It's true, nonetheless, that listening to the piano duo version – which I’d never done before - can be an experience that throws up more than the odd surprise. As it is the most familiar piece in the cycle, I will take Vltava as my example. It’s true that, with an overall timing of 11:37, tempi here are pretty much in line with Czech performance tradition: the four recorded Talich/Czech Philharmonic performances, for instance, range in duration between 11:27 (rec. 1941, Membran International 221729-202) and 12:15 (rec. 1929, Koch International Classics 3-7032-2 H1). In other respects, however, the piano version undeniably exhibits its own distinctive features. Once past the comparatively delicate introductory section depicting the river's bubbling source (00:00-00:59), for instance, one soon begins to notice how the arrangement picks out detail that's more usually obscured or at least minimized in significance by the dominating power of a full body of strings. That unfamiliar balance can, at times, be quite disconcerting if you're more familiar with the orchestral version. Sample, for instance, the passage from 8:15 onwards where the Vltava rolls dramatically and majestically on to its final destination – not the sea, incidentally, but the picturesque Bohemian town of Mělník where it joins the mighty river Elbe. In general, I'd say that Vltava here emerges in a somewhat less mellifluous guise. Indeed, thanks to the piano's percussive quality, it becomes somewhat more spiky - and, thereby, possibly to some ears more interesting - than one is used to.

The distinctive qualities of the piano-duo version are, I think, even more striking in the concluding Tábor and Blanik. Those two are certainly less familiar than the more tuneful Vltava or From Bohemia's woods and fields. But that very unfamiliarity offers an advantage here in that, while listening to them, one doesn't always have the pervasive orchestral version playing in parallel in the mind's ear. Heard in their orchestral form, they can seem – unless, perhaps, you’re a fervent Czech nationalist - to offer a somewhat weak, anti-climatic conclusion to the cycle. In the piano-duo version, however, they seem, to my own ears at least, to provide a more effective and, indeed, cathartic resolution to the cycle.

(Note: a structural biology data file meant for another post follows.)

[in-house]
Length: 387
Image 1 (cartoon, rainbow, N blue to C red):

Evelinde Trenker and Sontraud Speidel are certainly no novices when it comes to performing piano-duo versions of monumental or iconic orchestral scores. Already widely acclaimed for their accounts of Bruckner's third symphony and Mahler's first, second, sixth and seventh, here they add Smetana’s Má vlast arrangement to their recorded output. Especially impressive in both balance and their control of the necessarily wide dynamic range, Trenkner and Speidel offer a technically accomplished performance, recorded in superb sound, that could hardly, I suspect, be bettered. Admirers of fine pianism will certainly be delighted with this well-filled disc.

I also have to say, though, that, admirable though the performers' achievement is, I still find it difficult to warm to this arrangement. Piano transcriptions like this one certainly had a useful marketing and commercial role in the 19th century. In the 21st century, however, when we can hear, at the simple flick of a switch, the world's finest orchestras performing scores as originally envisaged, they are surely little more than interesting historical curiosities. I am delighted that they still offer accomplished artists like Trenkner and Speidel the opportunity to expand their repertoire and acquire a new vehicle to demonstrate their considerable talents. But, in the end, such arrangements actually confirm the superiority of the original versions by demonstrating that four hands, no matter how skilfully deployed, can't replicate the artistic subtleties made possible by the full and effectively deployed resources of an orchestra.

Rob Maynard

As railway enthusiasts will already know, Prague wasn't the only railway station with its own "musical motto". Just as Czech railways blared out Vltava, the main Leningrad terminus in Soviet days used to welcome travellers with a stirring blast of Hymn to the great city from Gliere's The bronze horseman - and maybe, for all that I know, it still does. Did, I wonder, all of Eastern Europe's major cities follow a similar practice in that era?